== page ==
Speech to the UN Human Rights Council 52nd session
Today, I am proud to reaffirm our strong and enduring commitment to universal human rights and the international human rights system.
Human rights are universal values – values we all committed to 75 years ago - and it is critical that we work together to uphold these values for the people we represent.
I want to start by acknowledging the people of Syria and Türkiye and the devastating damage caused by recent earthquakes. Our thoughts are with the communities, families and loved ones affected, including refugees and internally displaced people.
Unfortunately, a country in crisis is not a rare occurrence in the 21st century. We’ve all seen this in armed conflicts, widespread violence and situations of risk around the world.
New Zealand has intimately experienced climate crisis and natural disasters with Cyclone Gabrielle on our shores two weeks ago. When we declared a national state of emergency, we did so with the knowledge that we were experiencing an unprecedented weather event. One that has affected a third of our population and resulted in damage not seen for a generation.
As we mark the one year anniversary of Russia’s illegal war against Ukraine, New Zealand continues to condemn, unequivocally, Russia’s actions which have caused immense suffering. As I said in this forum last year – there is no victor in unjustified and unprovoked aggression.
In Iran, the world has witnessed the further erosion of the rights of women and girls, and violent repression of protest activity including the execution of protesters. There has also been further deterioration of the rights of women and girls in Afghanistan, with the Taliban preventing girls from attending secondary school and preventing the employment of women working for NGOs.
Ongoing violence perpetrated against civilians by Myanmar’s military regime including executions and bombings are front of mind too. The findings by the Office of the High Commissioner for Human Rights of serious human rights violations committed against Uyghurs and other Muslim minorities in Xinjiang, China also remains of deep concern.
Mr President, we stand with the peoples of these nations to speak up and defend universal human rights.
This year marks the 75th anniversary of the Universal Declaration of human rights.
Seventy-five years ago we all came together to recognise the fundamental rights and the equal value of every person. The principle that human rights are universal and indivisible is just as important today as it was then. It is incumbent on all of us, every government, to do better to promote and protect human rights for all people.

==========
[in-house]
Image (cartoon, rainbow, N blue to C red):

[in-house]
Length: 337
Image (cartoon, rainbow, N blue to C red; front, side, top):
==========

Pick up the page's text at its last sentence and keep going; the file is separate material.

When marginalised groups have their rights realised, respected and fulfilled, our societies are stronger, safer and more prosperous.
The world is facing multiple threats and challenges. As I’ve noted, we are seeing and feeling the impacts of climate change in our Pacific region. The scale of humanitarian crises and human rights violations across the globe will continue to increase if we do not collectively fight climate change.
We are also seeing a concerted effort to systemically wind back the rights of individuals who are members of vulnerable groups, including women and girls in all their diversity, the LGBTQIA+ community, Indigenous Peoples, and persons with disabilities.
Individuals who sit at the intersection of these marginalised groups are particularly vulnerable, and so our responses must include dedicated resourcing to address multiple and intersecting forms of discrimination.
Mr President, it is now more important than ever to be united.
New Zealand is proud to continue to co-lead resolutions on the rights of persons with disabilities this year with Mexico, both in this Council and in the UN General Assembly. We will also lead a Council resolution on the prevention of maternal mortality and morbidity.
These resolutions are a key indication of our international human rights priorities and our belief that the multilateral system is essential to promoting and protecting human rights across the globe.
Embracing our diversity gives us strength as an international community.
International human rights law embodies universal values: equality, respect, and accountability - they are fundamental to protecting and upholding the dignity of all people, both individually and collectively.
After all, that is why we all signed the Declaration of Human Rights all those years ago.
Thank you Mr President.
Nō reira, tēnā koutou, tēnā koutou, tēnā tatou katoa.